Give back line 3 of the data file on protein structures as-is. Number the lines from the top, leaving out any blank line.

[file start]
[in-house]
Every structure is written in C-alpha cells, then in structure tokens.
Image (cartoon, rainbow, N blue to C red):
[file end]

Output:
Image (cartoon, rainbow, N blue to C red):